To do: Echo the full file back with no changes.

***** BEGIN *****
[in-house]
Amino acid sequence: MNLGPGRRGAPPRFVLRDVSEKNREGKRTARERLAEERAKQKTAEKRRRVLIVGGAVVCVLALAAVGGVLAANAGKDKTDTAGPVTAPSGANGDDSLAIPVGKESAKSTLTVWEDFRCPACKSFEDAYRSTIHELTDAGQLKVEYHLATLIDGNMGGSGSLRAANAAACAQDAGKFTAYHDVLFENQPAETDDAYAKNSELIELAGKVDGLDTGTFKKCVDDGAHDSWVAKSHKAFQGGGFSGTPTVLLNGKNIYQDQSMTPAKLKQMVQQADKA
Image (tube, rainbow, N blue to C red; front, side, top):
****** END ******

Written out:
[in-house]
Amino acid sequence: MNLGPGRRGAPPRFVLRDVSEKNREGKRTARERLAEERAKQKTAEKRRRVLIVGGAVVCVLALAAVGGVLAANAGKDKTDTAGPVTAPSGANGDDSLAIPVGKESAKSTLTVWEDFRCPACKSFEDAYRSTIHELTDAGQLKVEYHLATLIDGNMGGSGSLRAANAAACAQDAGKFTAYHDVLFENQPAETDDAYAKNSELIELAGKVDGLDTGTFKKCVDDGAHDSWVAKSHKAFQGGGFSGTPTVLLNGKNIYQDQSMTPAKLKQMVQQADKA
Image (tube, rainbow, N blue to C red; front, side, top):